“One child, one teacher, one book, one pen can change the world.” – Malala Yousafzai
In praise of teachers…
We all remember the teachers in our lives who made a difference. For me, it was Miss Barbara Ford, my Year 7 and 8 Geography teacher. Miss Ford was a powerhouse of ideas and made our learning of the world come alive. I was inspired to become a teacher because of her.
At Melbourne Girls Grammar, we pride ourselves on having the very best teachers. Indeed, I often say our teachers are some of the best in Australia, if not the world. After a whole career dedicated to schools and education, I know this is true! As I walk our School daily, I observe our ELC, Morris and Merton Hall teachers delivering outstanding education with careful and purposeful intent. Teachers’ work is complex and multi-faceted; it does not begin at 8 am and finish and 5 pm. Rather, regardless of if the teacher is in the Early Learning, Junior, Middle, or Senior years, they are always thinking, planning, and collecting for their students. My experience is that good teachers don’t stop thinking about how to personalise the learning and treat each learner as unique. At MGGS, we are also serious when we state, “we know each Grammarian well”. Exceptional teachers know the students, and how they learn, they know the content and how to teach it, and they plan for and implement effective teaching and learning. Additionally, they create and maintain supportive and safe learning environments, assess, provide feedback and report on student learning. All teachers engage in professional learning and connect professionally with colleagues, parents/carers, and the community. We have a dilemma in Australia right now, in both attracting graduates to a teaching career and teachers leaving the profession due to workload and feeling undervalued. The COVID-19 pandemic has expedited the concerns and workload of an already stressed profession.
How educators are respected in relation to other professions can be a key marker in determining their overall status in an individual country. For example, in Singapore and Malaysia, teachers are often placed on par with doctors and the medical profession. This is not the case in Australia, with teachers ranked lower on a societal level; it creates barriers to attracting high-achieving students to the profession. According to the 2018/2021 Global Teacher Status Index (GTSI), how teachers were viewed relative to other occupations is one of four indicators the Index uses to measure overall respect for the profession. As an experienced Principal and Chair of the Victorian Academy of Teaching and Leadership, I want to understand how we can elevate the education profession in Australia. In your conversations with family, friends and colleagues, I encourage you to raise your acknowledgement of teachers. I want to thank you, our community, for recognising our MGGS teachers. I have seen the letters and cards of appreciation and the warm respect and gratitude shown, especially at this time of year. It is important that we all spread this high regard in our wider conversations.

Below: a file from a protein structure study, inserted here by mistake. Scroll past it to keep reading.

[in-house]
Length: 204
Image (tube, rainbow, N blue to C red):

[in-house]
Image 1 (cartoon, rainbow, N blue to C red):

As is always the case at this time of year, a quiet calm descends upon the School. Grammarians are finishing off their curriculum and immersing themselves deep in their learning before the academic year closes. Our youngest ELC Grammarians are preparing for their end-of-year concerts; Year 6 are in Canberra; Year 7 are preparing for their Year 7 Melbourne Experience with MGS, and our Senior Years students are either already in, or moving towards, exam time. Teachers are busy assessing and polishing the curriculum for 2023 and enjoying the ‘lasts’ with their classes. The timetable for 2023 has been built, all staff appointments have been made, and the end-of-year celebrations, such as Speech Night and Carol Service, are about to commence.
In closing, the ‘dye is cast’, the VCE examinations are over and ‘what will be, will be’. We will know the outcomes of our VCE students on 12 December, and I look forward to sharing these results. I am very proud of how our Grammarians have approached their study and the execution of their exams. Whatever may come, I will be proud of each Grammarian who has tried their personal best and worked hard to complete thirteen years of formal schooling. And in the words of our Old Grammarian Society President at the Valedictory Dinner on 17 November, “You are done, done, done with school as a student. However, you are not done with school as an Old Grammarian [which is for the rest of your life]”. Affiliation is a wonderful gift!
Yours in learning
Dr Toni E. Meath